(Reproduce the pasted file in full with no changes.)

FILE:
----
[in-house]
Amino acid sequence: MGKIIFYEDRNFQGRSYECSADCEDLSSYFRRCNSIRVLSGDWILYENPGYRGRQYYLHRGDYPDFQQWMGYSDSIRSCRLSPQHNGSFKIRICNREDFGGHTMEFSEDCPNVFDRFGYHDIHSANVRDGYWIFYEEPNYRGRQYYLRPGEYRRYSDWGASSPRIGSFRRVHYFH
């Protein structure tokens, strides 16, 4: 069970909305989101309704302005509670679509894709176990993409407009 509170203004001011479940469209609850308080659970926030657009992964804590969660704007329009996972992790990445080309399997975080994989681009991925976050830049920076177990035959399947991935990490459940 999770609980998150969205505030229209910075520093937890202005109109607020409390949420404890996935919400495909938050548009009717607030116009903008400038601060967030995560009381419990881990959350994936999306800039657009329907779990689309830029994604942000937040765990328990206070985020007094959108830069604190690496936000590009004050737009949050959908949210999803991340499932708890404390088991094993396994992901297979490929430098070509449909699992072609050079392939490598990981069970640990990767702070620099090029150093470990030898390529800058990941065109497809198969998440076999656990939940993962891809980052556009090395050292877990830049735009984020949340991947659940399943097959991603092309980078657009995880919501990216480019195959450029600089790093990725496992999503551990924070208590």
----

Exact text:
[in-house]
Amino acid sequence: MGKIIFYEDRNFQGRSYECSADCEDLSSYFRRCNSIRVLSGDWILYENPGYRGRQYYLHRGDYPDFQQWMGYSDSIRSCRLSPQHNGSFKIRICNREDFGGHTMEFSEDCPNVFDRFGYHDIHSANVRDGYWIFYEEPNYRGRQYYLRPGEYRRYSDWGASSPRIGSFRRVHYFH
């Protein structure tokens, strides 16, 4: 069970909305989101309704302005509670679509894709176990993409407009 509170203004001011479940469209609850308080659970926030657009992964804590969660704007329009996972992790990445080309399997975080994989681009991925976050830049920076177990035959399947991935990490459940 999770609980998150969205505030229209910075520093937890202005109109607020409390949420404890996935919400495909938050548009009717607030116009903008400038601060967030995560009381419990881990959350994936999306800039657009329907779990689309830029994604942000937040765990328990206070985020007094959108830069604190690496936000590009004050737009949050959908949210999803991340499932708890404390088991094993396994992901297979490929430098070509449909699992072609050079392939490598990981069970640990990767702070620099090029150093470990030898390529800058990941065109497809198969998440076999656990939940993962891809980052556009090395050292877990830049735009984020949340991947659940399943097959991603092309980078657009995880919501990216480019195959450029600089790093990725496992999503551990924070208590």